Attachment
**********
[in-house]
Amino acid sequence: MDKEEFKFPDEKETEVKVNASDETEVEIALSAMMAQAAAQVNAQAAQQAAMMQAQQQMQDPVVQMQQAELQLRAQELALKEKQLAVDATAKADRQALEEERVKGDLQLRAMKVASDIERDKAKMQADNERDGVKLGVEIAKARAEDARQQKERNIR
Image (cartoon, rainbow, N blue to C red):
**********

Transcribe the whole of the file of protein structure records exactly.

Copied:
[in-house]
Amino acid sequence: MDKEEFKFPDEKETEVKVNASDETEVEIALSAMMAQAAAQVNAQAAQQAAMMQAQQQMQDPVVQMQQAELQLRAQELALKEKQLAVDATAKADRQALEEERVKGDLQLRAMKVASDIERDKAKMQADNERDGVKLGVEIAKARAEDARQQKERNIR
Image (cartoon, rainbow, N blue to C red):